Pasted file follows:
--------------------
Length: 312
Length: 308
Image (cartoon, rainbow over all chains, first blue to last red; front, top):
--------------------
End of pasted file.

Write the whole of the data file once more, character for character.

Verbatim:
Length: 312
Length: 308
Image (cartoon, rainbow over all chains, first blue to last red; front, top):